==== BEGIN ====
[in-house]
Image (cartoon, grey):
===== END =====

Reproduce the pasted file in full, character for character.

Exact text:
[in-house]
Image (cartoon, grey):